Local and campus break-ins investigated
In the past few weeks, students at Wilfrid Laurier University have been experiencing a seemingly increased amount of break-ins, both on and off campus.
While both Special Constables and the Waterloo Regional Police have been constantly reminding students in all forms of student housing to be vigilant and lock their doors, not all of them seem to be listening.
Chris Hancocks, operations manager for Special Constables, said that the main reason for recent break-and-enters is because, generally, students don’t lock their doors, which criminals have come to expect.
“Some of these things are crimes of opportunity, [someone] will go up and try a door and if it’s open they’ll go in,” he explained. “We did a campaign over reading week with Special Constables here and we went through every residence building and checked every door, and it’s amazing how many doors we found open.”
A Residence Life don in WLU’s Leupold Residence, told The Cord she was unaware these campaigns would be happening, and has never been informed of any break-ins occurring in residence at all this year.
“I think everything in Res Life is hushed up, to be honest,” she said. “It’s a rock and a hard place because we want to respect confidentiality and we don’t want our students gossiped about . . . but I think that if break-and-enters are becoming popular, students need to be warned. “The fact that they don’t openly talk about this happening makes me think that they [Residence Life] don’t really want people to know,” she continued.
The don was also unaware that Special Constables had made three arrests in the past two weeks for break-ins as well as theft.
Hancocks explained that while these arrests were made — in a residence he could not name — the break-ins that occurred in Waterloo College Hall over Christmas break are still under investigation.
However, over reading week, the new apartment building at 167 King St. N. — primarily occupied by students — also experienced a break-in.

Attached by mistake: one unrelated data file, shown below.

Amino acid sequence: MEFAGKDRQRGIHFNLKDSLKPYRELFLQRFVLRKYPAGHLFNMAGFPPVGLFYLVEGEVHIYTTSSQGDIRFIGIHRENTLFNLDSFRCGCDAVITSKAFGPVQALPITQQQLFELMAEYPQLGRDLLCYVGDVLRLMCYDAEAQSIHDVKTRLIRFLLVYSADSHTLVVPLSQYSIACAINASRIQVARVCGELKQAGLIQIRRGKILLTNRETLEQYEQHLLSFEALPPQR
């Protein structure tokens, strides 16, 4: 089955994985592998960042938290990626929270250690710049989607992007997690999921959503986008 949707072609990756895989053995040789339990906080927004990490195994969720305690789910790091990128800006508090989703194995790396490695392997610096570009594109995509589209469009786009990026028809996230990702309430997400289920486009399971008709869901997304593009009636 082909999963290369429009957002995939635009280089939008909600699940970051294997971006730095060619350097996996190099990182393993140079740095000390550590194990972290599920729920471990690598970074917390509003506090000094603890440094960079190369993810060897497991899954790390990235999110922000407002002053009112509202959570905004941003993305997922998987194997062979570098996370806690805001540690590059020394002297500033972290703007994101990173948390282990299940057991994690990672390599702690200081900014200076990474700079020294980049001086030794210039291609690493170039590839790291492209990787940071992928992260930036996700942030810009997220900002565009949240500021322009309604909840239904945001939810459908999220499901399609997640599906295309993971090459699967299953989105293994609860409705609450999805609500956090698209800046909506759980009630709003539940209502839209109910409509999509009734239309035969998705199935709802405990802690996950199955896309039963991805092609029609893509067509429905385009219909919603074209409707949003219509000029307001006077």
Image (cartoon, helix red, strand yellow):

Early in the morning on Feb. 14, a white male broke into the apartment complex and stole some property. The suspect was confronted by a victim and later fled the scene on foot, leaving the victim uninjured.
On Feb. 25, Ryan Scheifele, a 21-year-old man, was arrested and charged with this recent break-in, along with another break-and-enter and theft that occurred at the same residence in November, 2012.
Brittany Downey, a fourth-year Laurier student who resides at the 167 King building but was not directly affected by the break-in, expressed that a large part of the reason why strangers get into the building is because of the buzzer.
“People just come in and they buzz every number, and I know a lot of people in the building that will just accept people in without asking,” she said.
The Waterloo Regional Police Service (WRPS) had asked the community if they had any information regarding the identity of this person to contact them and reminded students to keep their doors locked and not let unknown people into their buildings.
“[Scheifele is] charged with a series of break-ins,” said Olaf Heinzel, the public affairs coordinator for WRPS.
Heinzel explained that the WRPS keeps their website page updated on all events like this in the “Latest News” section.
Scheifele was additionally charged with break-and-enter and theft/possession for a break in that happened in December at 125 Lincoln Rd. in Waterloo.
He remains in custody on all the outstanding charges.
When asked if she believed criminals targeted student areas because of the vulnerability they possess, Downey stated that she definitively thought it would be a target, especially due to the high rise of expensive apartment complexes being built around the Laurier and Waterloo campuses.
“It’s an easier target because [students] tend to be more careless,” she said.
Hancocks echoed these comments. “[Students show] absent mindedness [and] I think they’re in a rush to leave or they think their roommates are still home so they don’t lock the door,” he said.